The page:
Leese is full of praise for O’Neill’s motivation to provide opportunities for New Zealand-bound singers to perform.

"Through hard work and perseverance, he’s created quite a few opportunities to perform and bring back some income."

Like O’Neill, Leese had many bookings cancelled but it gave her extra time at home with Samuel.

"The year I started with was completely different to the year I finished with, but then, through Simon, there were a few concerts that came about unexpectedly."

Given her family situation, Leese is very selective about which performances she accepts.

"I have to weigh it up as it takes me away from my family ... having a home gig is great as I don’t have to travel."

Most of her preparation is done at night after she puts Samuel and older brother Matteo to bed.

"At the moment Samuel is sleeping so badly ... I’m too exhausted, I collapse after I get them off to bed."

Her solution has been to make a Spotify playlist of the pieces and play them in the car everywhere she goes. The music scores are open on the kitchen bench which allows her to read and memorise the music whenever time allows.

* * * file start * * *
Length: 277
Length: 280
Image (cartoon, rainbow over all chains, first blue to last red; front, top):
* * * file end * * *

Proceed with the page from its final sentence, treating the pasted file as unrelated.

Many of the pieces for the upcoming concert she has sung before, although Desdemona from Othello is new to her.

"This will be the first performance with an orchestra. The highlight for me will be doing Willow for this first time. It’s always been one of my favourite pieces of music."

Alongside her freelance career, Leese also teaches voice part-time at the University of Otago.

"I love it. It’s an awesome job. I’ve wanted to do it for so long. That it’s part-time suits me very well. I’m very lucky."

O’Neill is also enjoying teaching at the Whanganui Opera School.

"The talent is good, but the potential is amazing."

While itching to head overseas again to perform, he is perfectly happy to stay in New Zealand until the Covid situation settles down.

"I will not be hanging up my boots ... I love it. It’s a honour to represent New Zealand at that level. But who knows what the situation will be for some of the great opera houses which have not been working now for a year, or year and a-half?"

TO SEE

Celebrating 2021, Dunedin  Symphony Orchestra
Saturday,  February 20 at 7.30pm
Dunedin Town  Hall